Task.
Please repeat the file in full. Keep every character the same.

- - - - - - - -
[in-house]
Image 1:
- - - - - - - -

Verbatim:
[in-house]
Image 1: